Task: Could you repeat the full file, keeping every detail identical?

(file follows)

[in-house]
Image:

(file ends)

[in-house]
Image: